One of the most prominent and influential presidential aides, Kyrylo Tymoshenko, another deputy head of Zelenskiy’s office, then resigned. He was under investigation for his use of a Chevrolet Tahoe SUV donated by General Motors for humanitarian purposes, and was reported to be driving a $100,000 Porsche Taycan that belonged to an acquaintance. Tymoshenko denies any allegations.
Then, perhaps most damaging of all, the defense ministry was trampled underfoot when a Ukrainian newspaper reported that its procurement department had overpaid for soldiers’ rations, sparking concerns about bribes.
Ukrainian Defense Minister Oleksiy Reznikov responded to the reports by calling in the secret services to investigate the leak, while accusing opponents of his department of “undermining confidence in the defense ministry at a very crucial time” , only for the Deputy Minister of Defense. , Vyacheslav Shapovalov, only to ask to be fired on Tuesday.
Novikov describes Reznikov’s response as “inappropriate.” The anti-corruption agency discovered procurement problems at the ministry three months ago after documents were hidden from its agents, he reveals. Novikov had already issued an order to the Prime Minister of Ukraine to deal with it.
“I don’t understand why the minister has not reported to the public that he is now working on all these issues and that he is resolving them. [On Monday] we sent an order to the minister for the resignation of the head of the department … I hope the decision to give this answer to the public was not [Reznikov’s] decision, but it was a mistake by his communications team,” he says.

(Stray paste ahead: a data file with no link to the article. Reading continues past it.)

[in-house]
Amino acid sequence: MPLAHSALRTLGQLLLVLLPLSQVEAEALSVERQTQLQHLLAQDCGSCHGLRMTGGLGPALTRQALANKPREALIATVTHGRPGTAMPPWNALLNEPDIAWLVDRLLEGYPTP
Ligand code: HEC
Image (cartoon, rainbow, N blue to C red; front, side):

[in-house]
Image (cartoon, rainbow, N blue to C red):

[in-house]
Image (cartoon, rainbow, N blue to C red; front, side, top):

Still, for Novikov, the wave of layoffs is not a cause for concern, but a sign that Ukraine is on a new path, as recent USAid polls show.
“Ukrainians became more intolerant of corruption during the war. If before the war only 40% of Ukrainians were ready to report on corruption, today we have 84% of Ukrainians ready to report. If before the war 44% of Ukrainians were intolerant of any kind of corruption, today we have 64%. So it is a request from Ukrainians to build a culture of integrity. And the president responded to this request.”
Zelenskiy, who championed anti-corruption during his election campaign, certainly has more to do, Novikov believes. “I think he is fully on board, but the main thing he is working on is weapons and diplomatic support and financial support for Ukraine. After the weapons and financial support comes the fight against corruption. Yes, we think it’s three pillars we need to get the win.”
There is resistance to change, he admits. “As we can see from the president’s decision and the administration’s decision last week and today, not everyone in the administration and in the president’s office is on board with the president.”
But Ukraine, with its application to join the EU already submitted, has a chance to change. “We’ve seen that if everyone agrees with all the measures in a state corruption program, it’s not a true state anti-corruption program.”
The expectation, says Novikov, is that Ukraine will soon rise on Transparency International’s corruption index. “Corruption is the result of Russia’s decades-long attempts to make us its ‘province,'” he says. He fights to take a different course.